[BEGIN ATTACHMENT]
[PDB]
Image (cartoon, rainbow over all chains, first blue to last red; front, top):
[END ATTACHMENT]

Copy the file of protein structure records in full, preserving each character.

[PDB]
Image (cartoon, rainbow over all chains, first blue to last red; front, top):